We reason, 'What is the difference between them themselves [sc. the crops] and their value?' we argue [conversely] too, 'What is the difference between their value and them themselves?' and [consequently] one may contract to supply [provisions] at the current market price even if he has none.1 R. papa and R. Huna the son of R. Joshua objected to Raba's [statement]: In all these cases, if he possesses [these commodities], it is permitted; if not, it is forbidden!2 — He answered them: There [the reference is to] a loan, here to a sale.
Rabbah and R. Joseph both said: Why did the Rabbis rule, A man may contract to supply [provisions] at the current market price, even if he has none? Because he [the purchaser] can say to him [the vendor], 'Take your favours and throw them in the bush! How do you benefit me? Had I money, I could have bought cheaply in Hini and Shili.'3 Abaye said to R. Joseph: If so, should it not be permitted to lend a se'ah for a se'ah, since he [the borrower] could say, Take your favours and throw them in the bush! For,' he could argue, 'would my wheat have gone to ruin in my granary?' — He replied: There it is a loan, here a purchase. R. Adda b. Abba said to Raba: But he would have to pay money to a broker!4 — He replied: He [the purchaser] must give that too to him. R. Ashi said: people's money is their broker.5
Rabbah and R. Joseph both said: He who advances money at the early market price6 must [personally] appear at the granary. For what purpose? If to acquire it — but he does not thereby acquire it!7 If that he [the vendor] may have to submit to [the curse], 'He who punished, etc.,'8 — even without his appearing there, he must submit thereto! — In truth, it is that he may submit to the curse; but he who advances money on an early market generally gives it to two or three people:9 hence, if he appears before him, [he shews] that he relies upon him [for supplies]; but if not, he [the vendor] can plead, 'I thought that you found better produce than mine, and bought it [intending that I should return your money].' R. Ashi said: Now that you say it is because of his relying upon him, then even if he met him in the market and said to him, ['I rely upon you',] he relies upon him.10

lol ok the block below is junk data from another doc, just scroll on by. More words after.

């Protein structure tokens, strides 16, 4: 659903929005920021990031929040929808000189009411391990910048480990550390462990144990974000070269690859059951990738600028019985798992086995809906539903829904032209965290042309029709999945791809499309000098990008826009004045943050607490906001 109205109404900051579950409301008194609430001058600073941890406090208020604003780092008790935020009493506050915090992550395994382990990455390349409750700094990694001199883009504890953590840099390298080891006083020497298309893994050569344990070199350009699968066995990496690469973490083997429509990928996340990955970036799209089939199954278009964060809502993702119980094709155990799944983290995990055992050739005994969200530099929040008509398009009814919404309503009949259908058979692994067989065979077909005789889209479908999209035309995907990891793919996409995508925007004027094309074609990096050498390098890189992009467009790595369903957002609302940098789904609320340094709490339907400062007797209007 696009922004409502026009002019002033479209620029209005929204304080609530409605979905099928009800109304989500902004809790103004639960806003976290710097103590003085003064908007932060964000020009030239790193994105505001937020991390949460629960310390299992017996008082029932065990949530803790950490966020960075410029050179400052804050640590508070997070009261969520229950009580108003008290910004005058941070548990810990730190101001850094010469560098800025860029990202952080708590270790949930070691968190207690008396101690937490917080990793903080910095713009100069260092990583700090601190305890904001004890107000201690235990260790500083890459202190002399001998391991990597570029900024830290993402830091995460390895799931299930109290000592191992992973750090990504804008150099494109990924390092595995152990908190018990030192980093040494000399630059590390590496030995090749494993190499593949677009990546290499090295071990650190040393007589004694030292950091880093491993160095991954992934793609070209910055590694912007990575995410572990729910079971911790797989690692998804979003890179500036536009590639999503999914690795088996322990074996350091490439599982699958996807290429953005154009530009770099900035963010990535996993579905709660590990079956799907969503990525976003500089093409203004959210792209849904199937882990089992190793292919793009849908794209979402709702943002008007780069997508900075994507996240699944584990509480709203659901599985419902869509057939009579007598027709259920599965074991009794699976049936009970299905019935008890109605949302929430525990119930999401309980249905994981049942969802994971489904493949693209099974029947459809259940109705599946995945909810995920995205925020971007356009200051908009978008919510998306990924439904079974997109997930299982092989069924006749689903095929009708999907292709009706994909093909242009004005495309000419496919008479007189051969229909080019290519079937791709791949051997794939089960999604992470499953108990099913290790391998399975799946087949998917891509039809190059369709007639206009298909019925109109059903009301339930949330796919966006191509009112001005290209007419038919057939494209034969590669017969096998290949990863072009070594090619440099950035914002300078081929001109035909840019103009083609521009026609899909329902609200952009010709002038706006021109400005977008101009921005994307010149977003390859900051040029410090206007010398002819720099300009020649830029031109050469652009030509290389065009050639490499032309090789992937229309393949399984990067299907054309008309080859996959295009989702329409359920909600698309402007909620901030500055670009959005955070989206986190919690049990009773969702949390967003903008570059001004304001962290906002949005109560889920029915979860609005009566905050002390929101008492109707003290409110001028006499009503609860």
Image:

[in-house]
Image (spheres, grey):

R. Nahman said: The general principle of usury is: All payment for waiting [for one's money] is forbidden. R. Nahman also said: If one gives money to a wax merchant, when it is priced at four [standard measures per zuz], and he [the vendor] proposes,'I will supply you five [per zuz];'11 if he possesses it, it is permitted; if not, it is forbidden. But this is obvious!12 — It is necessary [to teach this] only when he has [wax] credits in town:13 I might think that in such a case it is as though [he had said, 'Lend me] until my son comes, or until I find the key:'14 therefore he teaches, since it must yet be collected, it is as non-existent.
R. Nahman also said: If one borrows money from his neighbour and found a surplus therein, if it is an amount about which there could be an error, he must return it; otherwise, it is simply a gift. When is it 'an amount about which there could be an error'? — R. Abba, the son of R. Joseph said: